Illinois high court strikes down class arbitration ban.
Courts around the country have been deciding similar cases. Plaintiffs say that class actions, both in court and in arbitration, are essential because they allow consumers to pursue small-value claims that would be too costly to pursue individually.
The plaintiff, Donna Kinkel, alleged that the $150 fee that Cingular Wireless charged her for terminating her cellular service contract early constitutes an illegal penalty. Cingular moved to compel arbitration under its contract's mandatory arbitration provision, which says that "no arbitrator has the authority" to resolve class claims.
The trial court found the whole arbitration clause to be unconscionable and unenforceable, and the appellate court found that the arbitration clause was enforceable but the ban on class arbitration was not. The Illinois Supreme Court upheld that decision.
Kinkel argued that the ban prevents her and others from "effectively vindicating their statutory and common law causes of action and facilitates rather than remedies Cingular's fraudulent and unlawful conduct."
Writing for the court, Justice Rita Garman noted, "Cingular's position is that any outcome that discourages arbitration of individual claims is in conflict with the [Federal Arbitration Act (FAA)] and is, therefore, impliedly preempted." The court disagreed, saying that "class arbitration cannot be in conflict with the FAA when the Supreme Court has recognized the arbitrability of class claims."
The case succeeded in stopping Cingular from "doing an end run around" consumer protection laws, said Brad Lakin of Wood River, Illinois, who represents Kinkel.
The court said the class action ban was unconscionable not just because it was part of an arbitration clause, but because it was part of "a contract of adhesion that fails to inform the customer of the cost to her of arbitration, and that does not provide a cost-effective mechanism for individual customers to obtain a remedy for the specific injury alleged in either a judicial or an arbitral forum."
The court stopped short of saying that class action waivers are per se unconscionable. That determination should be made "on a case-by-case basis, considering the totality of the circumstances," Garman wrote.
In this case, the court found "a degree of procedural unconscionability" because Cingular did not warn Kinkel that she would have to bear any costs of arbitration--a circumstance that the court noted was not enough on its own to render the class action ban unenforceable.
Garman noted that other states have taken the same approach--considering the totality of the circumstances. "Our research reveals that other state courts have invalidated class action waivers when the contract containing the waiver is burdened by other unfair features, rendering it substantively unconscionable when taken as a whole," she wrote.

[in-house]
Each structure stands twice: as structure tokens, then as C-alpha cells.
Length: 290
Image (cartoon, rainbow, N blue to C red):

"The Kinkel court's analysis is pretty close to the First Circuit's in Kristian v. Comcast," noted Barry Barnett of Dallas, who represents the Kristian plaintiffs. In that case, the First Circuit struck down a class action ban, holding that it frustrated the enforcement of federal statutory rights. (446 F.3d 25 (1st Cir. 2006)); see Allison Torres Burtka, Courts Weigh in on Class Action Bans in Arbitration, TRIAL 16 (Sept. 2006).)
Barnett said that Kinkel "signals a definite trend in federal and state courts toward striking down class action bans in arbitration agreements," especially considering that "Illinois is a state not known for extreme pro-consumer decisions."
Lakin agreed, noting that the Illinois court is more moderate than those in states like California and New Jersey, which are generally considered more consumer-friendly. He added that the unanimous decision sends a message about how such issues should be analyzed.
In California, an appeals court recently applied the state supreme court's reasoning in Discover Bank v. Superior Court (113 P.3d 1100 (Cal. 2005)), which struck down a class action ban but did not say that such bans were unconscionable under all circumstances. In Cohen v. DirecTV, Inc., the court said, "Because DirecTV's prohibition on class claims in arbitration effectively operates to insulate DirecTV from liability for its conduct, the class action waiver is unconscionable and unenforceable." (48 Cal. Rptr. 3d 813 (App. 2006).)
Lakin said that Kinkel will proceed--on a class basis--to arbitration, and the arbitrator will determine whether to certify the class. He added that although Cingular wanted to compel arbitration in Kinkel's individual claim, the company "never wanted to deal with any issue on a class basis."
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|Author:||Burtka, Allison Torres|
|Date:||Jan 1, 2007|
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